When a writer makes an "allusion" within a story, he or she refers to a well-known event or thing that is supposed to conjure up associations that are relevant to what is going on in the story. In saying that her father's favorite book is Robinson Crusoe, Munro, via the narrator, has made an important allusion in her story. This novel by Daniel Defoe is about a man who, on a colonial venture from England to South America, is shipwrecked and becomes the only survivor washed up on an island off the South American coast. Finding he cannot build a seaworthy vessel to contend with the surrounding coast and sea with the implements he has at his disposal (which he either saves from the sunken ship or makes himself), Crusoe goes about building himself a home and a farm and taming and grooming his environment to his purposes. He spends many years alone. Eventually, he witnesses a group of South American Indians land on his island and prepare to kill a hostage from another tribe they have taken in war. Crusoe saves this unfortunate Indian and then the book goes on to depict an idealized relation between the two men in which the Indian, in profound gratitude, willingly and happily submits to Crusoe and becomes his slave. Crusoe dubs the Indian "Friday" to commemorate the day he saved him, and the day he received a companion, for he has been very lonely. Contemporary critics, not surprisingly, have read this last portion of De-foe's book as the dreamy wishes of a European man who imagined that the natives of colonized lands greeted their demise or bondage with little dismay or resentment. Like the fur company's calendar, Defoe's book idealizes the history of colonialism, to the clear benefit of those who had the upper hand. By linking this book to her father within a story that contests women's secondary status to men, Munro aligns Crusoe to her father and herself to Friday. Like Crusoe, she suggests, her father does not recognize that she does not accept her inferior social status.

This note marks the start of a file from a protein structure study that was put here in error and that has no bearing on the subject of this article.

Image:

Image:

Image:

Boys and Girls